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12-01-2012, 07:22 AM   #1
sweetheart161
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Confused

I own 2 old Pentax K 1000 cameras. By old I mean that I have had them since the 70's. I have several lenses zoom and wiide angle, my question - Is is there a compatable Pentax camera in the digital format that would accomodate these lenses. I would like to repalce the camera body and crawl into this century without breaking the bank

12-01-2012, 07:27 AM   #2
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Your best digital option at this point regarding Pentax would be the K-30 (dSLR) or the K-01 (mirroless, viewfinderless) K-mount bodies. How many lenses to you have and what are they? Unless, you are vested in Pentax, this isn't your only option.
12-01-2012, 07:37 AM   #3
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You can use those lenses on any model Pentax DSLR. The fully manual lenses have a few restrictions: https://www.pentaxforums.com/forums/pentax-beginners-corner-q/110658-using-ma...x-dslrs-f.html
12-01-2012, 09:20 AM   #4
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Choices?

Hello Sweetheart161, Welcome to the Forum!
As already mentioned, you can use any K-mount (and older m42, with an adapter) lenses with modern DSLRs.
Each lens will only provide the functions it was originally designed for, i.e. if it was always manual focus, it will still be manual focus, but the focus indicator in the camera will signal when (it detects that) the point of highest contrast is in focus. Which is not always the same point you want to focus on!
If the lens supports auto aperture (Series A, F, FA, DA), you can use it in "Auto" or fully manual aperture. If you post the lens data here (written on the front or side of the lens) we can tell you exactly what it will and won't do.
You might check here;
Pentax K-mount DSLRs - Pentax Pentax Digital Cameras - Pentax Camera Reviews and Specifications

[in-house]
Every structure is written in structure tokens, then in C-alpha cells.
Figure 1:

And see which cameras appeal to you in terms of features, price, size and availability. Only a few models listed are still sold new. You can sometimes find a good deal on used bodies, but really have to know exactly what you need and a reasonable price range.
I understand that the spec sheets for each camera can be overwhelming at first, but try to think about what features are important to you. Do you want video capability? A top LCD or only a back screen? Live view or no? Re-chargeable Li-Ion batteries or the option of AA's? With manual-focus lenses, the option of an exchangeable viewfinder screen becomes more important. The availability of a battery grip means that you can have double the battery life while you're out taking photos, without recharging. It also makes the camera bigger and heavier, there's always a tradeoff.
Don't get too caught up in megapixel rating. Anything over 10mp (in a DSLR) will yield great prints or screen viewing, assuming the shot was focused and exposed correctly.
Good luck and try to post back, we'll help if we can!
Ron


Last edited by rbefly; 12-01-2012 at 01:37 PM.
12-01-2012, 01:50 PM   #5
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Yes you can.
12-01-2012, 06:15 PM   #6
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If the lenses are Pentax brand lenses, then they will fit any Pentax dslr with no problems.

If they are third-party K-mount lenses, they may have the "dreaded RIcoh pin", which can become lodged in the autofocus drive linkage and make the lens very difficult to remove. Look for the letters PKA somewhere near the lens mount. Fortunately, the pin is easy to remove.

The other difficultly that is sometimes encountered with third-party lenses is on some Vivitar lenses. There is a guard the protects the aperture operating lever on the lens. On some Vivitars, this shield is longer that on the Pentax lenses and interferes with the power contacts on the camera body. Again, this is not difficult to modify or remove.
12-02-2012, 07:11 AM   #7